I'm just back from a two-week road trip that started in New Hampshire and went straight from there to Arizona. That's a major packing challenge and a wrenching turnabout in ways other than weather, too. Although I managed to get around to see all the candidates campaigning in the two states, my real job was interviewing voters; asking people what they think is important, which candidate makes the most sense to them and which candidate gets their vote. Those last two aren't always the same.
New Hampshire Democrats are relatively liberal — most of the really conservative ones have switched parties and become Republicans. Arizona Democrats are relatively conservative — partly because their oldest roots go back to the Southern Democratic parties of Texas and points east and partly because the large Latino population includes many social conservatives. Arizona is generally a challenge to categorize. And that is another difference; New Hampshire is relatively homogeneous, Arizona is not.
But this year, Arizona and New Hampshire Democrats are thinking alike. I met many, many voters who were looking for the candidate they thought might be able to defeat President Bush. I also met voters who were thinking even more strategically about their decision. In a suburban community in New Hampshire, an airline pilot told me his first choice was John Kerry, who he felt was the most likely to succeed, but he decided to vote for John Edwards. Why? "Kerry doesn't need my help," he said. "He's going to win, but I'm hoping to keep John Edwards competitive enough that he'll be on the ticket, too." That's a complicated voting decision worthy of a political consultant. Now, here's the surprising part; two more people said the same thing to me and both of them live in Phoenix.
Of course, I ask voters what their thinking is about issues. There's not much variation there, either. Jobs and the economy come first. Voters talk about problems with affording or even getting health care. Education is important to many people — not so much public schools, but how to pay for college. The war in Iraq matters, along with the president's conduct of foreign policy. But many people in both states dismissed my question, telling me that any of the leading Democrats would do a better job by their lights than President Bush is doing.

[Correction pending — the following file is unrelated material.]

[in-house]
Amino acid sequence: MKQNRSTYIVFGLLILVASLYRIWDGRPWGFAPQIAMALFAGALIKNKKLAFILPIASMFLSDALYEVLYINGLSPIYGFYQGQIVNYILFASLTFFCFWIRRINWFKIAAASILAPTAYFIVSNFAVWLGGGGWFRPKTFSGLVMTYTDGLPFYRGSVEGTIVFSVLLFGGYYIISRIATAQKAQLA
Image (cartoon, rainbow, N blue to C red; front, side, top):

Of course, this is a dangerous time for people like me. Looking for trends after a two-week immersion in the thinking of Democrats is a risky business. Democratic unity is almost always ephemeral. But I am still impressed by the current similarity between Democrats from the Southwest and those from New England. I remember lots of times when the differences were much more impressive.
Here's a story from long ago but not so far away. I once began a two-week road trip in Texas where I noticed that the governor was supporting a man he despised for state attorney general. I asked a local politico why and he said (I'm paraphrasing here), "I guess he has the governor where he wants him." That made sense to me, I was raised in a neighboring state where politics were a little on the rough side. One week later I was in Minnesota where something similar was happening. The governor had endorsed a Democratic candidate I happened to know he hated. Again I asked a local expert; this time I was told, "I guess the governor just thinks he's the best man for the job." These two sets of Democrats might have been on different planets.
Now — by way of contrast — I'm finding the most dramatic differences between the states have not to do with their political outlooks but with food and weather. Nobody talks about wind-chill in Phoenix. Nobody asks "red or green" (chili) in Manchester.